The Thistle - An E-Newsletter of Scotch College, Perth, Western Australia

A Grandparent's Love

"Love is the greatest gift one generation can give to another" Richard Garnett

When I was a boy, I was not fortunate to live near my grandparents. Both my mother's and father's parents lived in the Canadian Maritime provinces on the east coast, 3000kms away. Our only contact with them was a brief hello on the telephone during the occasional call from my parents to them.

Every two years, we would load up the family station wagon and drive across Canada to visit our grandparents. The drive was long and there was plenty to see in the ten-hour days on the Trans-Canada Highway but once we got there, it was more than worth it.

The time I spent with the grandparents has always been very special to me. With my mum's dad, who was a carpenter by trade, he taught me how to cut, saw and drive a nail. We built benches and carved wooden sailing boats. He took us fishing and digging for clams (mussels in Australian speak) which were always cooked up and eaten as the central part of the evening parties of guitar music and ruckus games of "Trump".

My father's parents were more reserved and the times with them were much quieter. Grandpa would usually sit in his chair, read the newspaper and look out the veranda window at the neighbourhood. My most quality time was spent with my grandmother. She baked scones for me, taught me how to knit and how to play "Crib". We would spend hours together each day talking, and she would tell me about my dad and his sister and brothers and what they got up to as children. It was wonderful to hear her stories and on reflection, those times have and do mean a great deal to me.

I look at my own children and I am grateful that they have had my wife's parent close by. Their presence in my children's life has been so very important to them as people and it has fostered the important grandparent grandchild relationship that does so much for a child.

A child's relationship with their grandparents is very special. It is a relationship of comfort and security. A child's interaction with their grandparent can provide insight into the childhood of their parents.  The child will feel a great deal of love from their grandparent, but it is a different kind of love. A love that at times is more indulgent but one that children respond to. It is a love that is second in importance only to that of a parent.

Grandparents may turn a blind eye to the more minor misbehaviour that a parent may not, but this is done from a lifetime of experience and the clear knowledge of what really matters. They do set boundaries, but they want their grandchildren to have the freedom to be themselves. Grandchildren may stretch the boundaries knowing the love of a grandparents will not waiver. They are champions for their grandchildren, mentors for their problems and will stand by them through thick and thin.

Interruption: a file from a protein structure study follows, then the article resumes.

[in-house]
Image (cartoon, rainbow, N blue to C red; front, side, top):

On Friday 25 October, the Junior School welcomed the grandparents of our boys. The day features two assemblies and a shared picnic, where the boys had the opportunity to show off their grandparents and in their own way thank them for the love they show them. It was a very special day.

I would like to suggest to our parent that they may like to share with their sons some questions they might like to ask their grandparents.  These questions may help the boys to learn more about their grandparents.

  1. Were you named after a family member or does your name have a special meaning?
  2. Do you have a nickname that your siblings or friends call you? How did you get the nickname?
  3. Where were you born? What was your house like as a child?
  4. How did your family spend time together when you were young?
  5. What was your favourite subject or teacher in school?
  6. What is the most important lesson that your parents taught you?
  7. What did your friends do for fun when you were young? Did you have a best friend?
  8. Did you have a favourite toy as a child?
  9. Did you get an allowance? How much was it and what did you spend your money on?
  10. Did you ever get in trouble as a child or teenager?
  11. How did you meet grandma/grandpa? What was your marriage proposal like?
  12. Where was your wedding?
  13. What did you want to be when you grew up?
  14. Where have you lived? Tell me about your first house.
  15. Where have you travelled? What is your favourite city to visit? Do you have a favourite family holiday memory?
  16. What is your favourite memory with your children?
  17. What could you tell me that I would be surprised to learn about you?
  18. What is your dream for your children and grandchildren?
  19. What were your grandparents like?
  20. What is the earliest memory that you have?
  21. Tell me about the day when my mum/dad was born?
  22. What makes you happy?
  23. Have you owned any pets? What was your first pet?
  24. What is different about growing up today than when you were a child?
  25. What is your favourite thing about being a grandparent?

A child's relationship with their grandparents is a special one. The memories created from the quality moments spent together last a lifetime. On behalf of the College I would like to thank the grandparents of our boys for the support they give their own children, their grandchildren and the College.